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Case Reports

Characterization and Treatment of Unilateral Facial Muscle Spasm in Linear Scleroderma: A Case Report

Authors:

Fabio Danisi ,

Department of Neurology, New York Medical College, New York, NY, US
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Emma Guidi

Marist College, Poughkeepsie, NY, US
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Abstract

Background: Linear scleroderma has been associated with muscle spasms ipsilateral to skin lesions. Typically, spasms are located in trigeminal innervated muscles, leading to hemimasticatory spasm (HMS).

Case Report: We report a case of linear scleroderma associated with spasm of muscles innervated not only by the trigeminal but also by the facial nerve.

Discussion: We review the patient’s successful treatment with incobotulinumtoxinA, a formulation of botulinum toxin that has not been reported for use in this condition.

How to Cite: Danisi F, Guidi E. Characterization and Treatment of Unilateral Facial Muscle Spasm in Linear Scleroderma: A Case Report. Tremor and Other Hyperkinetic Movements. 2018;8:531. DOI: http://doi.org/10.5334/tohm.410
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  Published on 25 Jan 2018
 Accepted on 22 Dec 2017            Submitted on 17 Nov 2017

Introduction

Linear scleroderma is a chronic connective tissue disease characterized by skin lesions in the face and neck. These lesions are characterized as en coup de sabre, vertical, colorless skin indentations that resemble a wound from being struck by a sword.1,2 These involve the deep and superficial layers of the skin and can impair motion of the underlying joints. Linear scleroderma has been associated with hemimasticatory spasm (HMS) in a number of cases.3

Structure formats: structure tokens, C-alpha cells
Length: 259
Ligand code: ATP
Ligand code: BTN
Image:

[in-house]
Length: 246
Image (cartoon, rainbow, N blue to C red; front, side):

HMS is characterized by involuntary muscle spasms of the jaw-closing muscles on one side of the face.4 One defining electrophysiological characteristic of HMS is the absence of silent periods during times of involuntary spasms.5 HMS is thought to be due to focal demyelination at the motor root or the motor nucleus of the trigeminal nerve,6 or from injury to the motor fibers of the trigeminal nerve from deep tissue changes caused by linear scleroderma7 or dental procedures.3 It affects the trigeminal innervated muscles, including the temporalis, masseter, and medial and lateral pterygoid muscles.8

Hemifacial spasm (HFS) is a far more common condition characterized by spasms of the muscle fibers innervated by the ipsilateral facial nerve.9 The two types of HFS include idiopathic and secondary HFS. Idiopathic HFS is in some cases thought to be caused by nerve compression at the root exit point whereas secondary HFS can be triggered by any other damage to the facial nerve, including prior Bell’s palsy, effects of demyelination in multiple sclerosis, and from conditions known to cause cranial neuropathies such as Lyme disease and sarcoidosis. The average age of onset is 44.10

Botulinum toxin A has been successfully used to treat symptoms of dystonia, HFS, and HMS due to a variety of etiologies.1113

Case report

We report a previously healthy Caucasian man diagnosed at age 30 with linear scleroderma. He developed facial spasms about 2 years after the onset of the skin lesions. Both the skin lesions and the muscle spasms occurred only on the left side. The patient was aware of these muscle contractions, which led to emotional distress and social withdrawal.

The muscle spasms at first occurred randomly, and after a few months became nearly constant throughout the waking day; these spasms resulted in teeth chattering and involuntary movements of the jaw up to several times an hour.